Have you experienced connected packaging? If you haven’t you probably will some time soon. Product packaging has evolved from simply providing protection for the contained product as a means to convey some text information and maybe a bar-code. The Internet of Things (IoT) means that our product packages can potentially deliver a lot more value by providing digital instructions, product offers, coupons and more.
Connected Packaging Defined
Connected packaging refers to the integration of various technologies within product packaging design in order to drive various outcomes including enhanced user-experience, increased product engagement and a greater level of consumer behaviour analysis. Connected packaging is considered to be a form of ‘smart packaging’.
Types of Smart Packaging
There are three key types of high-tech smart or connected packaging:
Active packaging is the simplest form of connected packaging as it doesn’t use special substrates or expensive technologies. It simply uses special symbols, QR codes or advanced barcode systems like Digimarc Barcode, enabling customers to interact with the packaging to derive additional product information and possibly exclusive brand content. A good example of active packaging is the presentation of QR codes which take the consumer to a company’s Facebook page.
Interactive packaging invites interaction. It can involve the use of specialist, technologically advanced materials that are capable of communicating information. Such as meat packaging that has a freshness indicator and battery packaging that indicates the state of the battery charge. Other examples of interactive packaging include sandwich boxes that fold out to become paper plates and clothing boxes that can be refolded to become clothes hangers.
Intelligent packaging uses inbuilt two-way communications technologies such as radio-frequency identification (RFID) and near field communication (NFC) to both send and receive information. This form of packaging is costly but clearly adds a lot of potential value. RFID can potentially eliminate traditional in store checkout processes as products can be scanned without the need for barcodes.
Connected Packaging Examples
Here are just a few interesting, real world examples of connected packaging and what it delivered.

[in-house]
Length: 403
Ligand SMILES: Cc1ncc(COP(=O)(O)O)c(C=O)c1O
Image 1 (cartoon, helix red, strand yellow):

Diageo Limited Edition Johnnie Walker Blue Label
In their recently launched limited edition Johnnie Walker Blue Label ‘smart bottle’ Diageo incorporated a NFC tag. NFC is considered to be a more appealing alternative to QR codes as it is much easier to simply wave a smartphone close to the package than it is to scan a code.
The Johnnie Walker Blue Label ‘smart bottle’ recognised when it was opened and was able to share this information with a smartphone app. Diageo used this to gather data about when and where the drink was consumed while customers were provided with cocktail recipes, targeted offers and brand updates.
G.H.Mumm Intelligent Champagne Bottle
Launched on the eve of the Monaco Grand Prix in Monte Carlo, luxury brand G.H.Mumm developed an ‘intelligent’ champagne bottle that included an RFID device. When the cork was popped, the device was triggered by a sensor in the cork and was connected to the lighting and sound system in the private club. This automatically centred attention on the table opening the fresh Magnum of champagne, immediately enhancing the social experience and the association between the luxury brand and F1 motor racing.
McDonalds Australia “Track my Macca”
McDonalds had noted that consumers didn’t understand where their food originated and this was having an impact on their market. To address this they created an immersive App experience that enabled their customers to determine the origin of what they were eating. Customers simply waved their smartphones at their packaging and the App launched an augmented reality world entirely based on the McDonalds’ products they’d purchased. The App used GPS along with image recognition and presented customers with useful insights from local farmers and suppliers.
The future of packaging is definitely connected. The potential that various forms of connected packaging provides to both producers and consumers is enormous and we’ve only begun to see what it can do.